The spicy, acidic curry tells a complicated, labor-intensive story of colonial rule and national (and personal) identity.
Sorpotel is not an everyday dish. The bracingly acidic Goan curry of pork offal punctures big occasions and announces sacraments: weddings, christenings, and first holy communions, as well as Christmas and Easter. In the old country, the initial step for a dish so momentous was a brutal one: “First, kill a pig.”
The last days of a Goan pig’s life are ignominious: Beadily watched until girthy enough around the belly, it is then slung upside-down on a motorbike, tail tied to snout, to be taken to the butcher. When a pig was slaughtered in the old days, women would catch the blood in a bowl, not simply for cleanliness but to later thicken the complex stew. No part of the animal would go to waste—buckets of bloody viscera would be cleaned and sorted, and what meat wasn’t used for sour, rosary-bead-like Goa sausage could be saved for sorpotel. This was “nose to tail” long before Fergus Henderson got to it—a fact of life rather than a manifesto.
While many Goans now make sorpotel only with pork, I’ve tasted versions with liver, tripe, intestines, kidneys, and pig’s ear (albeit not all at the same time), all of which add their own unique funk and texture. Most Goans now make sorpotel without the blood, and some even without the offal. Savio Azaredo, the owner of Olde Goa, a Goan restaurant in south London, makes his without the liver for the benefit of his non-Goan clientele, but he’ll still prepare some with liver on request for members of the Goan diaspora who miss it. He makes it from scratch every Monday, when the restaurant is closed, using hard-to-source toddy vinegar, feni (cashew liquor), and jaggery imported from Goa. “This is soul food,” he says. “You can’t cheat on ingredients.”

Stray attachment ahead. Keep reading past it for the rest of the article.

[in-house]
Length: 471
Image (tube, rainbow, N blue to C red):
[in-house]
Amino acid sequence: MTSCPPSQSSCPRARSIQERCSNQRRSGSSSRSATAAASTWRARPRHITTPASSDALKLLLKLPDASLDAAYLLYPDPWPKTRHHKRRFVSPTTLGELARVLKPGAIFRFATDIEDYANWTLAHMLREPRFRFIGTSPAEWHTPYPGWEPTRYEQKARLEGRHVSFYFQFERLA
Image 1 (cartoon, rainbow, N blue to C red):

My mother, who like many Goans was brought up in Kenya and came over to London in the ’70s, has an early memory of her own mother in Mombasa returning from the market, arms comically full of whole pig’s heads, to scrape out the fatty head meat and dice cartilaginous ears to make sorpotel for a wedding. My grandmother was by all accounts a phenomenal cook, but it was a role forced onto her, trapped as she was within the confines of Indian patriarchy. As a young girl, she’d been sent from Tanzania to live with her uncle in Goa in order to gain an education. But on her return, her father was livid to discover that she had instead been put to work in the kitchen, making laborious dishes like sorpotel in the early hours of the morning. To this day I have never tasted a home-cooked sorpotel made by a man’s hand. It is a dish built on the blood and toil of women.
It is also a dish that reflects the particularity of the Goan identity and the centuries of colonial rule that shaped it. Ask a Goan where they are from and they will say Goa, and then lengthily explain where Goa is rather than simply saying India. Similarly, try to find any dish that resembles sorpotel among India’s myriad cuisines and you will come up short. The reasons for this are bound up with the history of Goa, which was first passed around casually between various sultanates and dynasties before becoming the jewel in the crown of Portuguese colonial India in the early 1500s.
The Portuguese found it hard to relinquish Goa, hanging onto it for over 450 years until even the British thought they should hand it back. It wasn’t until 1961, 14 years after partition, that India, now impatient, invaded Goa and annexed it, turning it into one of the last puzzle pieces in the creation of the modern Indian state. What the Portuguese never relinquished was an influence on Goa’s culture, particularly its food. Along with Catholicism, they brought a love of pork and wine vinegar to remind them of home. The Goans adapted the latter into their own coconut vinegar, made by fermenting toddy, or the sap from palm tree flowers. The vinegar is vital to sorpotel, not just for its taste but also for prolonging its life, improving it each day it marinates.